Category: Child / Adolescent - Anxiety

Symposium

School-Based Prevention and Early Intervention for Anxiety: A Randomized Control Trial With Hispanic/Latino Youth

Friday, November 17
8:30 AM - 10:00 AM
Location: Sapphire 410, Level 4, Sapphire Level

Keywords: Child Anxiety | Hispanic Americans | Cross Cultural / Cultural Differences
Presentation Type: Symposium

Research indicates that Hispanic/Latino (H/L) youth experience a significant mental health disparity, are at greater risk for anxiety, but have lower levels of treatment seeking behaviors and higher levels of drop out. Further, despite population estimates of over 18 million, H/L youth have been underrepresented in efficacy and effectiveness trials. In fact, the anxiety intervention literature is limited to two randomized control trials that include a sample of majority H/L youth (Silverman et al., 2009; Pina et al., 2012) limiting knowledge relevant to the benefit of anxiety treatments with H/L youth. In this presentation, we will share an overview of a new 6-session (20-30 min) exposure-based cognitive and behavior with social skills training intervention (ECBI) intended to benefit H/L youth. We will report findings from a hybrid-1 effectiveness-implementation trial conducted in the schools with 59 H/L, 39 Caucasian (CA), and 11 other (e.g., mixed ethnicity) youth. Participants met the cutoff for high anxiety levels on the SCAS and were randomized to ECBI or active control. Results showed that implementation quality was high and predicted treatment response at posttest in terms of emotional awareness and expressivity, cognitive interpretation biases, and self-efficacy for managing anxiety-provoking situations. At follow-up, significant treatment effects on cognitive interpretation biases, self-efficacy for managing anxiety-provoking situations, and social competence were found. There also were statistically significant reductions in autonomic arousal and anxiety symptoms for youth whose anxiety was more severe at baseline. In terms of clinically significant change, ECBI youth had fewer progressive anxiety escalations and more returns to the normal range compared to control. No moderation of program effects by ethnicity (CA vs H/L) were found. Our discussion will focus on reasons the ECBI might be culturally robust (i.e., design principles and implementation dimensions targeted) as well as hypothesized reasons why the ECBI might fail for some H/L youth.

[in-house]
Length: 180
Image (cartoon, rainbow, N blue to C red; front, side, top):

Lindsay E. Holly

Postdoctoral Associate
Boston University

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School-Based Prevention and Early Intervention for Anxiety: A Randomized Control Trial With Hispanic/Latino Youth



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